church ban on the practice of homosexuality when they express their opposition to allowing homosexuals to teach in the schools. They may not view this as a civil rights issue, as many bishops do.
Nevertheless, on most other issues, Catholics who attend church regularly are closer to their bishops' political views than are Catholics in general.
It would seem that the official church social teaching and the teaching of American bishops does trickle down to the parish level. Catholics by large margins support the reforms of Vatican II and are generally receptive to the political activism of their bishops, so long as that action remains nonpartisan. If this is the case, the message of Vatican II can be expected to continue to influence American Catholics and may work to move Catholics toward more liberal politics.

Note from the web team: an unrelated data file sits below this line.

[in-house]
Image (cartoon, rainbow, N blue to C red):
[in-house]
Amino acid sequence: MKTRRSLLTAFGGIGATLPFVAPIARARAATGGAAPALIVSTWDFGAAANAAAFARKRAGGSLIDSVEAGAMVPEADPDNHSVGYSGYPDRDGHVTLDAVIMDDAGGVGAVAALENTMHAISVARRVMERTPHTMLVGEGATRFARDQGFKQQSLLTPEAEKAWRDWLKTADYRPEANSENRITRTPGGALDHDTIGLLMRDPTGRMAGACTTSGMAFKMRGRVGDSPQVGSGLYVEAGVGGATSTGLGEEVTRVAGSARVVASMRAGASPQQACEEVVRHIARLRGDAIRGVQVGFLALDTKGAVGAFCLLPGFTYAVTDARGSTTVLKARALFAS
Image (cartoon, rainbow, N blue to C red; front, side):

To the extent that conservative leaders within the Church seek to slow the reforms of Vatican II and return to more authoritarian practices, however, the implementation of Vatican II may be slowed. 80 But most signs continue to indicate a Catholic backlash to such efforts, particularly when the authoritarian tactics are used in the area of sexual ethics and abortion. It is in these areas that Catholics are least receptive to church authority. Nevertheless, the more progressive political and economic message of Vatican II and American bishops is getting through.
The bishops are faced with a dilemma. Do they emphasize issues where they have greater influence, or do they push an unpopular agenda and risk being ignored by their followers?